Living the dream, Bangkok Post

A non-profit school helps Burmese migrant workers improve their local job prospects

Clad in a black-and-white school uniform, Khine Mi Mi Thein, 22, listens attentively to her Thai teacher in class.

Classes at the DEAR Burma School (top left) offer language and skills training, which has helped participants such as garment seller Hla Min Aung (left) improve their prospects in Bangkok.

The computer science graduate from the University of Computer Studies in Mawlamyine, Burma is among more than 600 students attending Sunday classes for Burmese migrant workers in Bangkok. They study the Thai and English languages and computing skills in hopes of a better future here.

Founded in early 2003, the DEAR Burma School is run by the non-profit Thai Allied Committee with Desegregated Burma Foundation (TACDB).

With more than 700 students each year, the school offers 17 classes for English language, 15 for Thai and five for computers. Students pay only 350 baht a course.

“I hope my life will get better after learning new skills and knowledge from this school,” said Khine Mi Mi, her eyes radiant with hope.

Coming to Thailand to pursue her dream of a better job, she works as a manual labourer in a Samut Sakhon car equipment production factory.

Working from 8 am to 8 pm, she earns only 315 baht a day, although that is five times more than she could earn as a skilled worker in Burma.

The bus trip to the school in central Bangkok’s Ratchathewi district takes her two or three hours.

School director U Myint Wai said the school provides migrant workers not only better skills, but also knowledge about their rights and Thai labour regulations.

“As many Burmese migrant workers do not speak or read Thai, they don’t know local laws, regulations or traditional culture, so problems often occur between Thai authorities and migrant workers. We want to solve this problem by providing them with training,” said U Myint, who is also the deputy director of the TACDB.

He said supplementary courses include environmental awareness, labour and human rights, and legal aid.

Domestic helper Ma Moe Moe, 42, has dreamed of learning Thai since first arriving in this country. Her dream became reality when she first signed on with the school five years ago.

“I’ve been working hard to please my employers, as I don’t want them to stop me from studying,” she said.

“I learn a lot here. Apart from language skills, I’ve studied workers’ rights. For example, I know that Thai regulations guarantee workers a minimum wage.”

The school is also a venue for meeting up with friends. Burmese food and products are sold on campus, and the sound of students chatting in Burmese and other ethnic languages from her country make her feel at home.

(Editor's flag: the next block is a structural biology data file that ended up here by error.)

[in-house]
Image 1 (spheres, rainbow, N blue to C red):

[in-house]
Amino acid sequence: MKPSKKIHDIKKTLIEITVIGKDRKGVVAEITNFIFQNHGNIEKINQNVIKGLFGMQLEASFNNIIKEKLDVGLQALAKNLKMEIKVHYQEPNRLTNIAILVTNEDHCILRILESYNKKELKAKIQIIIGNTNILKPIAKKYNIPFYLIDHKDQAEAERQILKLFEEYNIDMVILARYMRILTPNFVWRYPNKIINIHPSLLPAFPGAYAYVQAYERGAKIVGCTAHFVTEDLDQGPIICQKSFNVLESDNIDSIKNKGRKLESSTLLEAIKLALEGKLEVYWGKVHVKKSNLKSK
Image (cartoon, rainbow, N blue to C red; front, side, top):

“We exchange both good and bad news among ourselves,” said Ma Moe. “My mind has really opened up.”

Hla Min Aung, who has also studied at the school for five years, is one example of a success story.

He now sells garments in Soi Nana. Using his English- and Thai-language skills, he usually earns about 400 baht a day working from 5 pm to midnight.

As well, he does some freelance interpreting for Burmese tourists in Bangkok and occasionally acts as a middleman for Burmese companies, buying local products and shipping them back to his home country.

“The school’s education has been very helpful. My life has improved. Without these languages skills, I could not do the job I’m doing now,” said Hla Min.

Amnesty International (AI) says more than a million Burmese migrant workers are employed in various Thai sectors including fisheries, manufacturing, domestic work, construction, hotels, restaurants and agriculture.

Thai Labour Ministry figures show 149,990 Burmese migrants are registered.

In 2005, AI reported Burmese migrant workers in Thailand faced pay that was well below the minimum wage, unsafe and unclean working and living conditions, vulnerability to harassment, arrest and deportation at the hands of the local police and a lack of access to the levels of education and medical care that were available to Thai workers.

U Myint said the school cannot solve all these problems, but it is a first step.

The DEAR Burma School is looking to expand to other locations, but this can only happen with the cooperation of donors and the Thai Labour and Education ministries, he said.

U Myint said the school is negotiating with both ministries to be recognised as a vocational training institute.

* Published: 2/07/2011 at 12:00 AM
* Newspaper section: Business

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